Research has shown that carefully recompressing rockfish that have been brought up from the ocean floor may help them temporarily recover from the rapid change in pressure, but scientists have been uncertain whether there were any long-lasting effects on the fish.
Oregon State University researcher Alena Pribyl is completing one of the first studies to look at the long-term effects on rockfish of barotrauma, a series of physiological changes caused by the expansion of gas in the fishes’ swim bladders as a result of lower water pressure at the surface. Bulging eyes, tight gill membranes and an everted esophagus are among the symptoms.
Pribyl’s research suggests that the fish can, indeed, survive as long as 31 days – at least, in captivity – despite experiencing the noticeable effects of barotrauma.
“What happens when a rockfish is brought up from depth is that the pressure change causes the gas within the swim bladder to expand,” said Pribyl, a doctoral candidate in fisheries and wildlife at OSU. “The enlarged swim bladder often displaces the fish’s internal organs and eventually can push the esophagus out of the fish’s mouth. When a fish is recompressed, the excess gas within the fish contracts and most external barotraumas symptoms disappear.”
The Oregon Department of Fish and Wildlife recommends recompressing fish by using an inverted barbless weighted hook to lower the fish, or a weighted cage with a trap door to protect the fish from predation on its way down.
Past studies at the University of California-Davis have shown that bottom fish that have experienced barotrauma can survive the experience for at least two days, but scientists were unsure what happened beyond that. Pribyl’s study was the first to examine the impacts of recompression on fish at the cellular, blood and gene expression levels, as well as on the whole fish, as long as a month later.
In her study, Pribyl put 30 black rockfish in specially designed pressure chambers at OSU’s Hatfield Marine Science Center in Newport. Designed by Polly Rankin of the Oregon Department of Fish and Wildlife, the chambers can simulate the water pressure fish experience at different depths.
Pribyl let the fish acclimate to a simulated depth of 35 meters and then “brought the fish to the surface” – lowering the water pressure to surface levels – in 90 seconds, which is about the time it might take for fishermen to reel in their catch. She then looked at 10 of the fish after three days, another 10 fish after 15 days, and the final 10 fish after 31 days, comparing them to another group of control fish.
Her study found that 80 percent of the fish brought rapidly to the surface had ruptured swim bladders. After 31 days, 20 to 50 percent of those swim bladders remained unhealed. Yet there were no mortalities, and after 31 days, 80 percent of the fish had resumed feeding.
“In biological studies, feeding is an important sign of recovery,” Pribyl said. “It doesn’t guarantee survival, but it greatly improves the animal’s chances. However, while this may be true in captive fish whether or not fish that have ruptured swim bladders could effectively forage in the wild remains to be determined.”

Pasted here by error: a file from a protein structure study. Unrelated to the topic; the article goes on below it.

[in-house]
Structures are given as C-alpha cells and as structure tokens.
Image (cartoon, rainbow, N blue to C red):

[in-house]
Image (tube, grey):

Pribyl said fish could overcome a ruptured swim bladder – if ocean conditions are favorable. They can still maneuver up and down in the water column, but would have to expend more energy to do that. “If conditions were good and there was a lot of food, it might not be a problem,” she pointed out. “If it was a lean year and there were many predators, it could be a different story.”
Her study also found no long-term cellular damage from barotrauma in several internal organs, or changes in blood plasma enzymes indicative of tissue injury, which she termed “remarkable.” And preliminary data suggest that the fish produced higher levels of certain genes related to the immune system at the third day, but these genes were no longer expressed by the 15th day, which she said could indicate that their immune system cranked into higher gear to deal with the barotrauma and later returned to normal levels.
“The bottom line is that these black rockfish, if carefully handled, have the potential to survive at least 30 days after being caught and properly released,” Pribyl said. “Fishermen who have caught a limit of one type of fish, or who accidentally hook a canary or yelloweye, can help increase the chance of that fish surviving by using a weighted hook or cage to recompress the fish.
“Just don’t puncture the esophagus,” she added. “When fishermen accidentally catch a species of fish that is protected, they may try to help the fish recover from the pressure change by puncturing the ‘swim bladder’ and allowing the expanded gas to escape. Unfortunately, it isn’t the swim bladder protruding from the fish’s mouth, but the esophagus.”
Her studies are funded by Coastside Fishing Club in San Francisco, the Oregon Department of Fish and Wildlife, the National Oceanic and Atmospheric Administration Saltonstall-Kennedy Grant, OSU and other sources.
Tips on Recompressing Fish:
- Do NOT puncture the internal organs protruding from the fish’s mouth;
- Use a weighted barbless hook, cage with a trap door, or a milk crate to lower fish to the bottom;
- Handle the fish on deck as little as possible, and lower it quickly into the water;
- If using a weighted barbless hook, consider having a dedicated fishing pole to speed things along;
- If you are catching protected species of fish, move to a different area.
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